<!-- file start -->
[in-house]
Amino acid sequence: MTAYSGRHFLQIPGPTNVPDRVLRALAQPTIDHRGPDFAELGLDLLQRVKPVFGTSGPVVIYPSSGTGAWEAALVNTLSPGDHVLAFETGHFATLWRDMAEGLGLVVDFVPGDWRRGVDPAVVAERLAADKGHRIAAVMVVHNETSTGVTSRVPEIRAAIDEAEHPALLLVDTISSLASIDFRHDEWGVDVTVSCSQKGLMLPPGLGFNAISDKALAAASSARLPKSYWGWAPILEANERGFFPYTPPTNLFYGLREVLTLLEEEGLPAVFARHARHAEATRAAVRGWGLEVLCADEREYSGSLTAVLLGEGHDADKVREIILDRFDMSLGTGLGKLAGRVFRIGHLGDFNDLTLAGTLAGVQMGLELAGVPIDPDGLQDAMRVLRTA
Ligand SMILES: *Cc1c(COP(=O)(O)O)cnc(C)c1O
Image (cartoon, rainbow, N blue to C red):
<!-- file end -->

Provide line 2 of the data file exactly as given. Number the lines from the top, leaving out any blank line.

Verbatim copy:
Amino acid sequence: MTAYSGRHFLQIPGPTNVPDRVLRALAQPTIDHRGPDFAELGLDLLQRVKPVFGTSGPVVIYPSSGTGAWEAALVNTLSPGDHVLAFETGHFATLWRDMAEGLGLVVDFVPGDWRRGVDPAVVAERLAADKGHRIAAVMVVHNETSTGVTSRVPEIRAAIDEAEHPALLLVDTISSLASIDFRHDEWGVDVTVSCSQKGLMLPPGLGFNAISDKALAAASSARLPKSYWGWAPILEANERGFFPYTPPTNLFYGLREVLTLLEEEGLPAVFARHARHAEATRAAVRGWGLEVLCADEREYSGSLTAVLLGEGHDADKVREIILDRFDMSLGTGLGKLAGRVFRIGHLGDFNDLTLAGTLAGVQMGLELAGVPIDPDGLQDAMRVLRTA